Puerto Rico governor slams Trump for relief funds comments

Puerto Rico’s Gov. Ricardo Rosselló slammed President Trump for opposing further disaster aid to the island and reportedly telling Republican senators he believed the U.S. territory received too many federal relief funds compared to states like Texas and Florida, which have also been battered by storms in the past two years.

“The comments attributed to Donald Trump today by senators from his own party are below the dignity of a sitting President of the United States,” Rosselló wrote in a statement. “They continue to lack empathy, are irresponsible, regrettable and, above all, unjustified.”

“Mr. President: Enough with the insults and demeaning mischaracterizations. We are not your political adversaries; we are your citizens,” the governor added in his most stinging rebuke of the president so far.

Mr. Trump reportedly told Republican senators at a policy lunch Tuesday that federal relief funds sent to Puerto Rico were “way out of proportion to what Texas and Florida and others have gotten,” according to the Associated Press.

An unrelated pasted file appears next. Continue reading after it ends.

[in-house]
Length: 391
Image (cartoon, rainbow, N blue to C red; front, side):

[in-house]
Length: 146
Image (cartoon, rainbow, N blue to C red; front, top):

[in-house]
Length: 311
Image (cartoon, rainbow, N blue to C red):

In both public and private comments, Mr. Trump has repeatedly expressed opposition to increased disaster aid for Puerto Rico. The island, home to approximately 3.2 million U.S. citizens, continues to recover from the devastation caused by Hurricane María, which killed nearly 3,000 people — as well as decades of financial instability.

The president’s reported comments and continued opposition to more federal aid to the island will likely precipitate another tense standoff with Congressional Democrats, who now control the House. The Senate will soon vote on a multi-billion dollar disaster assistance package that includes aid for Puerto Rico and states like California, Georgia, North Carolina and Alaska. House Democrats have vowed to reject any measure that does not include funding for the island.

The president has repeatedly clashed with Rosselló and other Puerto Rican officials over federal assistance to the U.S. territory. His administration’s handling of recovery efforts in the aftermath of María and Irma have been sharply criticized by some local residents, leaders and most Democrats in Congress.

Recently, Rosselló has denounced the White House for considering diverting disaster relief funds to finance the president’s long-promised wall along the U.S.-Mexico border and opposing $600 million in food assistance funding, which the White House called “excessive and unnecessary.”

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